1795 ENGLISH POETRY 1579-1830: SPENSER AND THE TRADITION

Rev. William Lipscomb

Ralph Griffiths, Review of Lipscomb, Canterbury Tales of Chauder; The Monthly Review NS 18 (November 1795) 355.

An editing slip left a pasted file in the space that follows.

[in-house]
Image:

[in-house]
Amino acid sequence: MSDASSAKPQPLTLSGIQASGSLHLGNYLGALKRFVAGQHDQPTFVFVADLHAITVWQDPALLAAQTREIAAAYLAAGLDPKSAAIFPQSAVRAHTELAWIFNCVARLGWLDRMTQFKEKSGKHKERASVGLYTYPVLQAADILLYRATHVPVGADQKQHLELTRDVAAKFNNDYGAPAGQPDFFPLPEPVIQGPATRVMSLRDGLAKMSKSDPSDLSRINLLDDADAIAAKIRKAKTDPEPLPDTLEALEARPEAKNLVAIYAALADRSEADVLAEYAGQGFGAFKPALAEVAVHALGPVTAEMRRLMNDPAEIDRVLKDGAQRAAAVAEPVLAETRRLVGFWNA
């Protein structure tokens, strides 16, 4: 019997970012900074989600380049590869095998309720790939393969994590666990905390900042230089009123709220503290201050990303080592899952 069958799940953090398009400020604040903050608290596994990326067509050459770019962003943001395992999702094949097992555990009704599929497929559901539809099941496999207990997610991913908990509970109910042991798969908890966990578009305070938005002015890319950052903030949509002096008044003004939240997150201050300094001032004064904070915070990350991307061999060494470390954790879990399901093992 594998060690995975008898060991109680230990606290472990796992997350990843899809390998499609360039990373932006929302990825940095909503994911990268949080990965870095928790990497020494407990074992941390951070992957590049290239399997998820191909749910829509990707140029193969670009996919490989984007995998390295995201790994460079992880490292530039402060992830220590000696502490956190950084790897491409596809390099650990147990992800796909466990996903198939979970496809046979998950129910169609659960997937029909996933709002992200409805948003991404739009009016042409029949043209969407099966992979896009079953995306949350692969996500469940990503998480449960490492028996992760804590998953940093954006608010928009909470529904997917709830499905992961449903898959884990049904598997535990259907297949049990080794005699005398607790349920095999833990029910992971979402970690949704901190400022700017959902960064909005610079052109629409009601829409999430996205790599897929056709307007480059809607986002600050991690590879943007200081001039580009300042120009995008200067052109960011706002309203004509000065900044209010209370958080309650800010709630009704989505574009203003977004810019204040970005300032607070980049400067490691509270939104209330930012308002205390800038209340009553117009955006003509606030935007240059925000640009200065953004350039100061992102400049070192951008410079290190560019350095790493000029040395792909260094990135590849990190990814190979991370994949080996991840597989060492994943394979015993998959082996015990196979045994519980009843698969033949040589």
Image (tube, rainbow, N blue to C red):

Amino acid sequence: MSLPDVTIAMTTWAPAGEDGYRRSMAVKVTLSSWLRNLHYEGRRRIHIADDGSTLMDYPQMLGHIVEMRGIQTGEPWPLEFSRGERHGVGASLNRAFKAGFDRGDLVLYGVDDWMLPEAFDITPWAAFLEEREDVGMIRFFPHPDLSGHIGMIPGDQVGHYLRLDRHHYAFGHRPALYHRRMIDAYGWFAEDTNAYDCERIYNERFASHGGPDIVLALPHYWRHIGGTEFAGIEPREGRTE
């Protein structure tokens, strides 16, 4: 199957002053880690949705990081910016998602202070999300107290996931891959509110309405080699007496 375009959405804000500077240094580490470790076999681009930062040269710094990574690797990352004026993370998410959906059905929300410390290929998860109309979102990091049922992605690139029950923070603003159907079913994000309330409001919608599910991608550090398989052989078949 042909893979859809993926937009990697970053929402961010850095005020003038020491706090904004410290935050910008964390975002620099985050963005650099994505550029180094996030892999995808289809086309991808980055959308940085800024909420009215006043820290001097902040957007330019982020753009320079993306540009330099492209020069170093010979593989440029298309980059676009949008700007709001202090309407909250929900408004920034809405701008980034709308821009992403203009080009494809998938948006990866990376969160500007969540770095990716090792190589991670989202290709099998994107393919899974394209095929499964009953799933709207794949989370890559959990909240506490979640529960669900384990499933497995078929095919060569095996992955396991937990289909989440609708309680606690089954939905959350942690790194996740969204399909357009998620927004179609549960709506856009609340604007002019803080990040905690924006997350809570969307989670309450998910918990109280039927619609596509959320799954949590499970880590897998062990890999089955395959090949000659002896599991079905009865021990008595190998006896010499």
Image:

The admirers of the merry and witty old Bard will, no doubt, hold themselves much obliged to Mr. L. for having completed the celebrated Canterbury Tales in a modern version. The lovers of decency will likewise think themselves, as well the public in general, farther indebted to the ingenious editor, for "pruning away the indelicacies and offensive passages of his author" [The Miller's Tale and the Reeve's Tales are both wholly omitted]: — but, from a due regard to the memory of the venerable Chaucer, we would not close this little article without reminding our readers, as Mr. L. very properly does, tha the poet's grossness is, in a great measure, justly chargeable on THE TIMES in which he lived, and which "extended their coarse influence to writers much posterior to him;" nor can we wonder, as Mr. L. adds, that "the stream which took such a length of time to depurate, should be turbid at its very source."